Your kilo of soviet metal, your light meter which stopped working decades ago, your dark, murky viewfinder designed to just miss focus, your rewind mechanism engineered to give me blisters on one hand and arthritis in the other. Your complete lack of any sort of functions or assistance. The one and only Zenit-E. Why would anyone even make this thing, never mind choose to buy it? Nothing about you is easy. But then again if I wanted easy I’d go digital. Here I am, still faithfully putting roll after roll through you, despite having been actively interested in photography for long enough to know better.
I bought you for less than the price of a beer when I couldn’t really afford anything else. You were cheap, I was poor, I had the time to learn to love you and didn’t have the means to buy anything better. The more I fell into this hobby, the more I learnt about your reputation as the unloved, unwanted ginger stepchild. I’d follow the big websites, listen to the leading podcasts in the scene, and your name only came up as a laughing stock or as a point of reference on what not to buy. Maybe it’s my desire to prove people wrong or maybe just that I love a good underdog story, but I was determined to show what you’re capable of. I’ve even tried to learn Sunny 16 and understand the exposure triangle to get the best possible results (but please don’t test me on them).
You soldier on, despite my lack of technical knowledge. The more I put in, the more you give me back. Your resilience matches mine. You’re not weatherproof, waterproof, anything-proof, and yet I’ve faithfully dragged you up the mountains of Patagonia, across the beaches of Uruguay, through the forests of Sri Lanka, around the bathhouses of Budapest, and just about every other condition this planet has to offer, and you keep going and going.
Despite your weight and bulky size, you’re the first thing that goes in my backpack for every trip. You’ve been to more countries then most people do in a lifetime. It’s your limitations that make you the perfect companion. Your fully manual, sturdy build means I never have to worry about finding batteries, or a bit of rain or sand landing on your bulletproof body. Your tactile actions tell me that everything just keeps working as it should. That tension as I wind to the next shot, the sound of your shutter crashing up and down, loud enough to turn heads, the resistance as I rewind the film after another long day of dragging you around.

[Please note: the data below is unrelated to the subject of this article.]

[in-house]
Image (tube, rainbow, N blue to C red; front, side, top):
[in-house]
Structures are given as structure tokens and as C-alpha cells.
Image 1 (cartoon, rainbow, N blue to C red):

And then I get home, and it was all worth it. Sure, there’s a few misses due to your unforgiving nature. For example, when I hand you over to someone else to take a photo of me, this is what I get back.
But the hits make up for it. Yes, lens choices are limited, but what more do you need? That swirly Russian bokeh when you’re open and that sharpness which turns almost creamy towards the edges when you’re stopped down give me back memories which then live in frames on my walls. I had to work for them, but show me something in life that isn’t better when you’ve earned it.
Yes, every time I go by a market I’ll inspect a Pentax, gleefully admiring its relatively lightweight form and wide range of accessories. But for the time being, you can find me being happily weighed down with my 42 year old Zenit. After all, it seems to me that some of the loudest voices in our community aren’t practising what they preach. If the cameras we love are essentially not much more than a light sealed box with some film in, why would we abandon and deride one which has proven to be such a trusty partner? If anyone else has any other cameras disdainfully thrown in the back of a cupboard in need of a loving new home, send them my way and I’ll prove what they’re capable of.